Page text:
About The Book
The action swings from London to Sweden, and then back into the past, to Franco’s Spain, as Roy & Castells hunt a monstrous killer … in the lastest instalment of Johana Gustawsson’s award-winning series
Spain, 1938: The country is wracked by civil war, and as Valencia falls to Franco’s brutal dictatorship, Republican Therese witnesses the murders of her family. Captured and sent to the notorious Las Ventas women’s prison, Therese gives birth to a daughter who is forcibly taken from her.
Falkenberg, Sweden, 2016: A wealthy family is found savagely murdered in their luxurious home. Discovering that her parents have been slaughtered, Aliénor Lindbergh, a new recruit to the UK’s Scotland Yard, rushes back to Sweden and finds her hometown rocked by the massacre.
Profiler Emily Roy joins forces with Aliénor and soon finds herself on the trail of a monstrous and prolific killer. Little does she realise that this killer is about to change the life of her colleague, true-crime writer Alexis Castells. Joining forces once again, Roy and Castells’ investigation takes them from the Swedish fertility clinics of the present day back to the terror of Franco’s rule, and the horrifying events that took place in Spanish orphanages under its rule.
Terrifying, vivid and recounted at breakneck speed, Blood Song is not only a riveting thriller and an examination of corruption in the fertility industry, but a shocking reminder of the atrocities of Spain’s dictatorship, in the latest, stunning installment in the award-winning Roy & Castells series.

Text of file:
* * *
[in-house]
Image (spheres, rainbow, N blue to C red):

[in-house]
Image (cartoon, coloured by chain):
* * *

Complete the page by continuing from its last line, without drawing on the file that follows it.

With thanks to the publisher for the copy received. When I read my first book by Johana Gustawsson it was one that contained facts that still upset me now. Her second book was just as good but didn’t have the same impact. Blood Song left me devastated by what I learned about the atrocities committed during Franco’s regime.
Once again she uses fact and fiction. It was the events concerning Teresa, Gordi and all her young friends that upset me. Much more than the fictional events in modern day. I find it very difficult to accept the levels of cruelty displayed but when reading the author notes and articles I found on google I felt it was an honest account. They were hard to read but when I saw how she combined the past and present I was stunned into silence, unable to think about anything apart from what I had just read.
It is powerful, it is a novel where none of the characters over shadow the story. It is a novel where I was left hoping that I would get to meet them all again, even Olofosson who I took a huge dislike to previously, I managed to have some sympathy for this time.